Memorandum by F A Andrews Esq (IW 02)
FREIGHT BY INLAND WATERWAY
Although mainland Europe has over many years
invested substantial funds in its inland commercial waterways,
Britain has by comparison over the same period made a very meagre
investment. It could be said that there are substantial lengths
of under used high quality waterway, under used mainly because
they are either difficult to reach or totally isolated. An example
of a wasteful but enforced practice comes from a regular operation
of barges loaded with aggregate around Trent Falls many times
a day to reach the Aire and Calder Navigation from the River Trent.
There are many reasons why the shorter journey via Thorne cannot
be used but one particularly important reason is a small lock
close to Thorne.
This lack of infrastructure investment in Britain
was recently highlighted in the press when the flooding of an
opencast coal mine at Methley forced British Waterways to arrange
for a new lock to be built at Lemonroyd. The principal evening
newspaper in Leeds used the following heading: "£20m
Yorks' Canal Opens, It's the First for 90 Years".
In the early post-war years France made a spectacular
start to waterway upgrading by adopting a new European standard
size for inland waterway craft. In effect, this raised permissible
barge loadings from the 300 tonne Péniche size to 1,350
DWT class IV loading which equated to the Rhine-Herne sized barges.
This initial upgrade, known as "La Liaison Dunkirk-Valenciennes",
made it possible for barges travelling inland from Dunkirk to
load up almost to 1,500 tonnes.
Another cross-border upgrade permitted class
IV barges to reach a steelworks close to Nancy but in this particular
case the access route was along the Moselle Valley through Germany.
A major engineering feat was the taming of the
River Rh¼ne from the Mediterranean Sea to Lyon. This 310km
journey was now open to low profile River/Sea vessels as far as
Although the Canal Lateral A La Garonne at Montech
is not a high capacity commercial waterway, the French showed
a certain amount of ingenuity when they replaced five locks with
a water slope. In effect two diesel locomotives push a wedge of
water carrying a barge up a sloping trough. Although mechanically
it is ingenious, it also saves a lot of water during each operation.
Whilst all this was being done, Belgium, Holland
and Germany were each improving their own waterway infrastructure
with one current project in Germany assuming mammoth proportions.
This is an upgrade of the Mittellandkanal and includes a new aqueduct
across the River Elbe.
It is not unusual for a vessel to load at a
factory well inland in Europe, navigate by inland navigations
to the coast, then sail across the North Sea only to tranship
the cargo to some form of land transport to complete the journey
in UK. Admitted, not all our industrial areas are close to a navigation
but if Britain had developed "European style" waterways
as a policy, a low-profile River/Sea vessel would probably have
been able to reach a final destination or at least a point not
too far away from it.
A very good example of British neglect over
the years comes from the River Severn and the Gloucester and Sharpness
Canal. At one time barges and coasters were regular visitors but
because of our lack of interest in waterways, regular traffic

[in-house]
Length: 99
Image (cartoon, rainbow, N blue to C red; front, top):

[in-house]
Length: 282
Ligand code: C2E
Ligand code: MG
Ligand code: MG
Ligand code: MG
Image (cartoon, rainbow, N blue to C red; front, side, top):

has today almost disappeared. For instance, at infrequent intervals,
a sea-going ship does penetrate the Gloucester and Sharpness Canal
to load machinery that is too bulky to be transported by road
or rail. It could be interesting to hear from an economist just
how much extra money British industry has to find to maintain
our current "modus operandi" of transhipment at coastal
Before attempting to inject money into modernising
the network a certain amount of research will be needed to ensure
that future funding would be spent where it will be most effective.
My archives tell me that four major types of operation needed
to be considered.
1. Port to Port Coastal Vessels: Engaged
on local port to port traffic, these larger vessels will be mainly
using existing ports and estuaries and will thus not have the
same size restrictions imposed by the inland penetration of low-profile
River/Sea vessels trading with Europe. Coasters could be regarded
as class V.
2. Low-profile River/Sea Vessels: For inland
penetration this type of vessel will probably equate to class
3. Lash: The Lash lighter is much larger
than its twin, the Bacat lighter, and it is somewhat unfortunate
that many of the waterways under British Waterways control were
basically modified for Bacat operation only.
4. Barges Below 700 DWT: The S&SYN to
Rotherham and the A&CN to Leeds are thought of as 700 tonne
waterways and are too small for Lash lighters.
||Beam or Width||Draught (Depth)
|HUMBER||||Coastal Vessels (ie: class V)|
To Goole (Ouse) or Keadby (Trent)
||Low-Profile River/Sea vessels (ie: class IV) and LASH to Selby (Ouse) (1) or Newark (Trent) (2) and possibly to an upgraded route to Doncaster
||Motor barges (ie: 700 DWT)|
To York (Ouse): Leeds (A&CN): Rotherham (S&SYN) and Nottingham (Trent)
|THAMES||||Coastal vessels as far as Tower Bridge (3)
||Low-profile River/Sea vessels and LASH lighters probably to current limit of commercial navigation
||Motor barges to tidal limit|
|SEVERN||||Coastal vessels to Gloucester (4)|
Low-profile River/Sea vessels, LASH and Motor Barges as far as Worcester
|MERSEY||||Coastal vessels to Salford and Anderton (5)
|WEAVER & MSC||
||Low-profile River/Sea vessels, LASH and motor barges as above but with deeper penetration if required
1. Small sea going vessels were once regular visitors
to Selby BOCM.
2. A 1979 study suggested 1,800 DWT as far as Newark.
3. The LRA (London River Association) formed to promote
a viable working Thames.
4. The then BWB suggested improvements as far as Worcester.
5. The upper MSC appears to have regained some of its
14 August 2000